"Smoking in Top-Grossing Movies -- United States, 1991-2009" details a content analysis of the 50 top grossing films each year from 1991-2001 and the 10 top grossing movies each week in 2002-2009. Research was conducted by the University of California, San Francisco and Breathe California of Sacramento-Emigrant Trails. Tobacco incidents and other characteristics were monitored. Key findings:

-- In 2009, more than half (54 percent) of PG-13 films featured tobacco
imagery.
-- Total tobacco impressions varied between 30 and 60 billion/year from
1991-2001 then started a general decline, reaching a low of about 17
billion in 2009.
-- Total tobacco incidents in all films fell by half in the last four
years, yet incidents in 2009 (1,935) films still exceed those in 1998
(1,612).


"While we have made progress over the past four years consecutively, research shows more than 1.1 million current smokers, aged 12-17, in the U.S. were heavily influenced by tobacco imagery in movies," said Cheryl G. Healton, DrPH, President and CEO of Legacy, the foundation that funded the research. "Of those 1.1 million current smokers, 360,000 will eventually die from tobacco-induced diseases. That is still too high a price for our society to pay." Smoking in films has been a major public health priority for organizations like Legacy, the American Academy of Pediatrics, the American Medical Association, the World Health Organization and more. The groups are urging film studios to endorse four Smoke-Free Movies goals:

1. Rating "R" any new movie with smoking, with the exception of movies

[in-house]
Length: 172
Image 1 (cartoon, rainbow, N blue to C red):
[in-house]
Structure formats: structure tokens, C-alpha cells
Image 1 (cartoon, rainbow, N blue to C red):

that depict the health consequences of smoking or actual historic
figures who actually smoked;
2. Inserting strong, evidence-based and proven-effective anti-smoking
public service announcements (PSAs) before movies with smoking, in all
distribution and exhibition channels;
3. Requiring producers to certify that no consideration of any kind was
received for tobacco depictions in a film; and
4. Ending the depiction of tobacco brands on screen.


Legacy also called attention to the fact that the states are now spending more money subsidizing films with smoking than they are on their own state tobacco programs and noted that, "States could harmonize their film subsidy programs with public health goals by making films with tobacco imagery ineligible for public subsidy."

For more than 10 years, the national Smoke Free Movies campaign has been pushing the entertainment industry to endorse the four Smoke Free Movies' policy solutions. "It is entirely feasible for the entertainment industry to adopt these industry-wide policies to get tobacco imagery out of the movies that kids see most. R-rating future movies with smoking will give producers a permanent incentive to keep G, PG and PG-13 films smoke-free and reduce tobacco recruitment through this decades-old promotional channel by at least half," said Stanton Glantz, Ph.D., Professor of Medicine at the University of California, San Francisco and contributing author of the report. Glantz also directs the national Smoke Free Movies campaign.

"With the CDC and Members of Congress now recognizing the need for industry-wide strategies that work, we expect to see the U.S. film industry swiftly adopt these four policies to keep tobacco out of youth-rated films and protect the lives of their most vulnerable audience -- millions of American youth," Healton said.